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Union Wireless: We'll Need a Whole New Network to Get Rid of Huawei

Union Wireless said it will cost up to $110 million to get Huawei equipment out of its network. And that's not the only problem.

Mike Dano

November 12, 2019

4 Min Read
Union Wireless: We'll Need a Whole New Network to Get Rid of Huawei

Union Wireless is one of the many smaller wireless carriers that operates a network built with equipment from China's Huawei. And officials from the company told the FCC this week that the only way to change that situation is to replace its existing network with a completely new one.

"At this time, it is not possible to insert gear provided by a non-Huawei equipment vendor into an operating network utilizing Huawei equipment. An entirely new network must be constructed," Union executives told FCC officials, according to a new filing from the company. "Upon the completion of construction, the old network must be cut over to the newly-constructed network, after which the old network can be dismantled."

And that won't be cheap, Union said.

The company estimated it will cost up to $110 million to replace and install a new network. The company said it has invested over $34 million in Huawei equipment for a network that covers 418 cellular towers across 90,000 square miles in locations across Wyoming and elsewhere.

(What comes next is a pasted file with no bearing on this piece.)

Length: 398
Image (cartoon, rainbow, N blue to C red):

At issue is a new proposal by the FCC to pay operators like Union to replace their Huawei equipment. The FCC had previously proposed preventing operators like Union from using government subsidies to buy additional equipment from Chinese operators like Huawei, but just last month it expanded that suggestion to also include funding the complete eradication of Huawei equipment from US networks. (To be clear, the FCC's program doesn't cover every US telecom operator but only those that have received money from its Universal Service Fund (USF), which is designed to expand Internet services in rural areas.)

The FCC claims that equipment from Chinese vendors like Huawei and ZTE can be used by the Chinese government for international espionage. But those vendors have loudly opposed that argument. And Huawei, for its part, has been filing hundreds of pages of evidence to back up its claims. The FCC, meanwhile, devoted roughly four pages to a defense of its own position, though it cited reports from a number of other sources.

The situation is critical to operators like Union that are stuck in the middle of an international political firestorm, and it has tested not only issues of economics but much more personal questions of patriotism and loyalty.

"The Union Telephone Company was founded over 100 years ago by the father of a World War II veteran who survived the Allied landing at Omaha Beach, and today the company places a priority on providing opportunities for veterans, employing persons who have served in the US military at a rate twice that of the percentage of veterans in the general civilian population," the company told the FCC. "If it is the US government's decision to replace equipment from Huawei/ZTE or other companies that pose a threat to our nation's security, then Union Wireless will undertake to meet the challenge."